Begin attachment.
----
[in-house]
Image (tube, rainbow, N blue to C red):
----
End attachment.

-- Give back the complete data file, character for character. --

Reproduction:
[in-house]
Image (tube, rainbow, N blue to C red):